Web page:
Delta Hopes To Become First Carbon Neutral Airline

Filed Under: Delta

Airlines are increasingly talking about the environment. Who knows whether it’s because they actually care, or whether it’s because they think it’s what they need to talk about. Regardless, it’s a step in the right direction.

While airlines have long given customers the option to offset their travels, some airlines are taking it a step further. For example, in the past few months we’ve seen some airlines announce major carbon offset schemes.

Here in the US, JetBlue was the first airline to announce a comprehensive plan for reducing emissions, as they’ll start offsetting all of their domestic flights, and will start operating some flights with sustainable aviation fuel.

Well, now another US airline is joining them. Delta has just announced that they’re committing $1 billion to become the first carbon neutral airline globally.

Delta to become first carbon neutral airline globally

Starting March 1, 2020, Delta Air Lines is committing $1 billion over the next 10 years to mitigate all emissions from its global business, both in the air and on the ground.

As Delta CEO Ed Bastian describes this project:

“There is no substitute for the power that travel has to connect people, which our world needs today more than ever before. As we connect customers around the globe, it is our responsibility to deliver on our promise to bring people together and ensure the utmost care for our environment. The time is now to accelerate our investments and establish an ambitious commitment that the entire Delta team will deliver.

There’s no challenge we face that is in greater need of innovation than environmental sustainability, and we know there is no single solution. We are digging deep into the issues, examining every corner of our business, engaging experts, building coalitions, fostering partnerships and driving innovation. We are on a journey, and though we don’t have all the answers today, we know that our scale, along with investments of time, talent and resources will bring meaningful impact to the planet and ensure the sustainability of our business for decades to come.”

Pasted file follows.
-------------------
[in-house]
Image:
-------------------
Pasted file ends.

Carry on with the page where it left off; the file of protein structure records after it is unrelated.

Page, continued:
Delta explains that the aviation industry accounts for about 2% of global carbon dioxide emissions, and that 98% of Delta’s emissions come from aircraft.

Delta is focusing on the following efforts to become carbon neutral:

  • Carbon reduction: Reducing Delta’s carbon footprint through enterprise-wide efforts to decrease the use of jet fuel and increase efficiency. Areas of focus include an ambitious fleet renewal program, improved flight operations, weight reduction, and increased development and use of sustainable aviation fuels.
  • Carbon removal: Investing in innovative projects and technology to remove carbon emissions from the atmosphere that go beyond the airline’s current commitments, and investigating carbon removal opportunities through forestry, wetland restoration, grassland conservation, marine and soil capture, and other negative emissions technologies.
  • Stakeholder engagement: Building coalitions with our employees, suppliers, global partners, customers, industry colleagues, investors and other stakeholders to advance carbon reduction and removal goals and maximize our global impact.

Delta isn’t sharing many details as of now

There are two things I believe about Delta as a company:

  • They want to do good by all of their stakeholders, because doing good is good for business, and it’s why they’re so successful; they have a genuine drive to take care of their employees, customers, and the communities they serve
  • Perhaps even more so than their desire to do good, Delta wants to look good with whatever they do, no matter what cost it comes at

Delta is making a bold claim here, saying that they plan to be the first carbon neutral airline globally. However — and maybe I’m missing something — I don’t see anything in the press release actually supporting this? Also, didn’t EasyJet become the first airline globally to be carbon neutral last November?

What exactly is happening starting March 1, 2020? Is that when Delta is starting some projects, or are they actually directly carbon offsetting their flights as of then? It’s not clear based on the press release, unless I’m missing something.

Of course simply carbon offsetting flights isn’t the final solution, because that’s even a controversial practice, given the methods some airlines use with this. However, as of now I only see Delta saying they’re going to invest $1 billion over the next 10 years, without any promises of what exactly they’re going to do.

Let’s keep in mind that Delta has one of the less fuel efficient fleets out there as of now. The airline has a practice of operating older planes and maintaining them well. That’s perfectly logical from a business perspective, but I would imagine their per-seat emissions are higher than some competitors.

Bottom line

I commend Delta for this initiative, and for making this something that they’re going to focus on over the coming decade. We haven’t heard anything from American or United yet, so it’s not surprising to see Delta leading the way as usual.

That being said, I don’t see very many concrete commitments from Delta here. That’s not necessarily a terrible thing, since battling climate change goes beyond directly carbon offsetting flights. They’re committing to something now, and over the coming months and years I’m sure we’ll learn a lot more.